Shirley Phelps-Roper


Shirley Phelps-Roper was born on October 31st, 1957 in Topeka, Kansas, United States and is the Lawyer from United States. Discover Shirley Phelps-Roper's biography, age, height, physical stats, dating/affair, family, hobbies, education, career updates, and networth at the age of 65 years old.

Date of Birth
October 31, 1957
United States
Place of Birth
Topeka, Kansas, United States
65 years old
Zodiac Sign
Shirley Phelps-Roper Height, Weight, Eye Color and Hair Color

At 65 years old, Shirley Phelps-Roper physical status not available right now. We will update Shirley Phelps-Roper's height, weight, eye color, hair color, build, and measurements.

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Hair Color
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Shirley Phelps-Roper Religion, Education, and Hobbies
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Shirley Phelps-Roper Spouse(s), Children, Affair, Parents, and Family
Brent Roper
11, including Megan
Dating / Affair
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Fred Phelps, Margie Marie Simms
Nathan Phelps (brother)
About Shirley Phelps-Roper

Shirley Lynn Phelps-Roper (born October 31, 1957) is an American lawyer and political activist.

She was the lead spokesperson of the Westboro Baptist Church of Topeka, Kansas, an organization that protests against homosexuality conducted under the slogan "God Hates Fags" until a power struggle within the organization reduced her status as a spokesperson.

Early life

Shirley Phelps was born October 31, 1957, in Topeka, Kansas. She is the daughter of Margie Marie (Simms) and pastor Fred Phelps, minister of the Westboro Baptist Church, an independent church characterized as a hate group by the Anti-Defamation League and the Southern Poverty Law Center.


Phelps-Roper practices law for Phelps-Chartered Co., the Phelps family's law firm established by her father in 1964. According to her firm's web page, she has been licensed to practice in Kansas and federal courts.

Besides her father Fred, Shirley Phelps-Roper was the most active spokesperson of the Westboro Baptist Church and answered many of the e-mails sent to the church in a column called "Dear Shirley. She and other family members have become known for picketing at funerals of AIDS victims with signs such as "God hates fags" and at funeral processions for American soldiers killed in combat.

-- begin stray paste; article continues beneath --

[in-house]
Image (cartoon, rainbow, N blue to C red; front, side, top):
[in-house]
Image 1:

In 2006, in the aftermath of the West Nickel Mines School shooting, Phelps-Roper was invited to Hannity & Colmes on Fox News. During the interview, Alan Colmes questioned Phelps-Roper as to whether the five Amish girls deserved to die, to which she responded that they did, prompting condemnation by Colmes and co-host Sean Hannity who called her sick and evil. In February 2008, Phelps-Roper traveled to the community of DeKalb, Illinois, to picket memorials for the victims of the Northern Illinois University shooting. Phelps-Roper said that "God [had] sent the shooter" because they "don't love Christ". Her intents, however, to picket other University's memoerials were blocked.

By 2014, Phelps-Roper's duties as spokesperson for the Westboro Church had been reduced after a power struggle within the church, and her authority transferred to an all-male board of elders.

Phelps-Roper was arrested on June 5, 2007, on suspicion of contributing to the delinquency of a minor. Police alleged that she allowed her son to trample an American flag while protesting the funeral of a soldier in Bellevue, Nebraska, which is a misdemeanor in the state. Phelps-Roper announced her intent to challenge the constitutionality of the Nebraska statute. The charges against her were dropped when she agreed to dismiss pending lawsuits filed against Sarpy County in state and federal court.

Phelps-Roper was named a defendant in the Supreme Court case Snyder v. Phelps. She has been placed on the list of individuals banned from entering the United Kingdom for "fostering extremism or hatred."

Personal life

Phelps-Roper is married to Brent D. Roper and they have 11 children. Five of her children, notably Megan Phelps-Roper, have left the church.

In a 2007 Channel 4 documentary featuring Welsh personality Keith Allen, Phelps-Roper said on camera that her oldest son Samuel was born out of wedlock. When asked if she would go to hell for her actions, Phelps-Roper explained that "I know better" and had "put away" such behavior.